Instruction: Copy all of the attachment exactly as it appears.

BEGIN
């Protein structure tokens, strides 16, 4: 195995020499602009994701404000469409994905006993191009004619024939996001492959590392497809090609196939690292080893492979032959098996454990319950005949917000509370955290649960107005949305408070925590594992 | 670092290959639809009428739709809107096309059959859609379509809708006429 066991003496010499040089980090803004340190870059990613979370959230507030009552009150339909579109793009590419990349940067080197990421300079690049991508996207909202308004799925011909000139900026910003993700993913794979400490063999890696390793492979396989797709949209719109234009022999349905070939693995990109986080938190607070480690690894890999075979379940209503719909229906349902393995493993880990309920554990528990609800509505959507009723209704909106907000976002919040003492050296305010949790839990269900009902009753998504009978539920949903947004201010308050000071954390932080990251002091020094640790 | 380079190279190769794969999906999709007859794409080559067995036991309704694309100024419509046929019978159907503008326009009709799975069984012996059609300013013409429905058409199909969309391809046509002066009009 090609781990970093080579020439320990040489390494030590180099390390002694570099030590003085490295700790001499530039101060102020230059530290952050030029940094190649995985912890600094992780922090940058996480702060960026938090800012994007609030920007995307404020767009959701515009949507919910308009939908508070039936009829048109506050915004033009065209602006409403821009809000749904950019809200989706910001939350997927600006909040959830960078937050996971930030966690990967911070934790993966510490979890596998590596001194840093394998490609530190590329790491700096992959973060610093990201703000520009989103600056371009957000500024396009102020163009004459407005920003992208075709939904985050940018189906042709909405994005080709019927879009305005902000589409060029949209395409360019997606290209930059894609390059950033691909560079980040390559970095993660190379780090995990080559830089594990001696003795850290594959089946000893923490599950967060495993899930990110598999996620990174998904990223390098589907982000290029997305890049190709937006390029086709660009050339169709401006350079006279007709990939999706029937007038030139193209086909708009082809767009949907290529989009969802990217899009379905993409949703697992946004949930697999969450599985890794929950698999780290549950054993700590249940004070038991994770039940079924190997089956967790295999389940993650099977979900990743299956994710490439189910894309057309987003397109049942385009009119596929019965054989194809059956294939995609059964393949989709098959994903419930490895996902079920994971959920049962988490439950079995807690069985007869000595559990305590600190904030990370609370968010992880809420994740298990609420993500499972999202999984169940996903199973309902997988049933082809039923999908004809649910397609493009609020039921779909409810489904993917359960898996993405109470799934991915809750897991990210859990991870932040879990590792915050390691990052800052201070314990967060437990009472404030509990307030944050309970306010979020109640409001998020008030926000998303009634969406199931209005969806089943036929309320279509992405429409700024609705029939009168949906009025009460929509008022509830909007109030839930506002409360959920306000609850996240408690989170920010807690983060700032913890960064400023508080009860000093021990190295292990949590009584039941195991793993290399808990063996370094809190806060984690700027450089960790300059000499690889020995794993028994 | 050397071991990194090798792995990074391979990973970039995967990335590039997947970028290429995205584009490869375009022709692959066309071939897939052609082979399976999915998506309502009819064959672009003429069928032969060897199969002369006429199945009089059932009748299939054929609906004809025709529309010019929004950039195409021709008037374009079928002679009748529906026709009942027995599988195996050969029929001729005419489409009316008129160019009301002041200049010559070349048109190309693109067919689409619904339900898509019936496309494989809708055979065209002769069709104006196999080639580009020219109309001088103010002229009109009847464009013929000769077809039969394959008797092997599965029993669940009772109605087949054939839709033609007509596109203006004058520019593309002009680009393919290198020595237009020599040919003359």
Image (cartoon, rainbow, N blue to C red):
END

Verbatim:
């Protein structure tokens, strides 16, 4: 195995020499602009994701404000469409994905006993191009004619024939996001492959590392497809090609196939690292080893492979032959098996454990319950005949917000509370955290649960107005949305408070925590594992 | 670092290959639809009428739709809107096309059959859609379509809708006429 066991003496010499040089980090803004340190870059990613979370959230507030009552009150339909579109793009590419990349940067080197990421300079690049991508996207909202308004799925011909000139900026910003993700993913794979400490063999890696390793492979396989797709949209719109234009022999349905070939693995990109986080938190607070480690690894890999075979379940209503719909229906349902393995493993880990309920554990528990609800509505959507009723209704909106907000976002919040003492050296305010949790839990269900009902009753998504009978539920949903947004201010308050000071954390932080990251002091020094640790 | 380079190279190769794969999906999709007859794409080559067995036991309704694309100024419509046929019978159907503008326009009709799975069984012996059609300013013409429905058409199909969309391809046509002066009009 090609781990970093080579020439320990040489390494030590180099390390002694570099030590003085490295700790001499530039101060102020230059530290952050030029940094190649995985912890600094992780922090940058996480702060960026938090800012994007609030920007995307404020767009959701515009949507919910308009939908508070039936009829048109506050915004033009065209602006409403821009809000749904950019809200989706910001939350997927600006909040959830960078937050996971930030966690990967911070934790993966510490979890596998590596001194840093394998490609530190590329790491700096992959973060610093990201703000520009989103600056371009957000500024396009102020163009004459407005920003992208075709939904985050940018189906042709909405994005080709019927879009305005902000589409060029949209395409360019997606290209930059894609390059950033691909560079980040390559970095993660190379780090995990080559830089594990001696003795850290594959089946000893923490599950967060495993899930990110598999996620990174998904990223390098589907982000290029997305890049190709937006390029086709660009050339169709401006350079006279007709990939999706029937007038030139193209086909708009082809767009949907290529989009969802990217899009379905993409949703697992946004949930697999969450599985890794929950698999780290549950054993700590249940004070038991994770039940079924190997089956967790295999389940993650099977979900990743299956994710490439189910894309057309987003397109049942385009009119596929019965054989194809059956294939995609059964393949989709098959994903419930490895996902079920994971959920049962988490439950079995807690069985007869000595559990305590600190904030990370609370968010992880809420994740298990609420993500499972999202999984169940996903199973309902997988049933082809039923999908004809649910397609493009609020039921779909409810489904993917359960898996993405109470799934991915809750897991990210859990991870932040879990590792915050390691990052800052201070314990967060437990009472404030509990307030944050309970306010979020109640409001998020008030926000998303009634969406199931209005969806089943036929309320279509992405429409700024609705029939009168949906009025009460929509008022509830909007109030839930506002409360959920306000609850996240408690989170920010807690983060700032913890960064400023508080009860000093021990190295292990949590009584039941195991793993290399808990063996370094809190806060984690700027450089960790300059000499690889020995794993028994 | 050397071991990194090798792995990074391979990973970039995967990335590039997947970028290429995205584009490869375009022709692959066309071939897939052609082979399976999915998506309502009819064959672009003429069928032969060897199969002369006429199945009089059932009748299939054929609906004809025709529309010019929004950039195409021709008037374009079928002679009748529906026709009942027995599988195996050969029929001729005419489409009316008129160019009301002041200049010559070349048109190309693109067919689409619904339900898509019936496309494989809708055979065209002769069709104006196999080639580009020219109309001088103010002229009109009847464009013929000769077809039969394959008797092997599965029993669940009772109605087949054939839709033609007509596109203006004058520019593309002009680009393919290198020595237009020599040919003359």
Image (cartoon, rainbow, N blue to C red):